Big Dig Needs $1M Repair

By Sarah Birnbaum

June 8, 2012

big dig

Route 93 under Boston, part of the Big Dig. (Rene Schwietzke/Wikimedia)

BOSTON — Officials at the Massachusetts Department of Transportation say Boston's Big Dig needs another million-dollar fix: the concrete on some of the on-ramps and off-ramps is crumbling and needs to be replaced. The concrete was supposed to last for 30 years.
Highway administrator Frank DePaola explained on June 7 that the Big Dig contractors decided to pave the road surfaces in concrete, which is used in drier and warmer sections of the country, instead of in traditional New England asphalt. Now the surface concrete is separating from the structural concrete slabs below it.
“I believe they used experience from other parts of the country that concrete pavements are commonly used in the South and Southwest," DePaola said. "It's a very durable material but in the Northeast with our weather conditions and our high temperature, it's a mistake. If I was in charge of the project at that time, we would not have used that material."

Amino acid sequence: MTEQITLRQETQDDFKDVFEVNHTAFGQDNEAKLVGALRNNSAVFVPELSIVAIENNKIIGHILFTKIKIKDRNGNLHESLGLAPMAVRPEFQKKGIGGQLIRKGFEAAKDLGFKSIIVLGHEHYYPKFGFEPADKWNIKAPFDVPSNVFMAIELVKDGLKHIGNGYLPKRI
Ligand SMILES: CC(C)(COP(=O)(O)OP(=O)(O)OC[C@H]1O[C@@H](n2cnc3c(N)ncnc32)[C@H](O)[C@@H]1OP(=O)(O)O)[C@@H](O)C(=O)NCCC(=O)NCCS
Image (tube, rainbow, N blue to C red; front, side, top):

DePaolasaid the initial repair work will cost taxpayers $200,000 — money that’s badly needed in the rest of the state.
“I would rather be spending this money on other improvements. We have miles of road all over the state that need repavement. We have bridges that need to be repainted. We have bridges that need to be replaced," he said.
Officials said they may ultimately need to do about $1 million worth of repaving — but that the money will probably come from a trust fund that was created through a settlement with Big Dig contractors.
The Big Dig has so far cost taxpayers more than $15 billion. The project has been plagued by cost overruns, fatal construction flaws and lax oversight.

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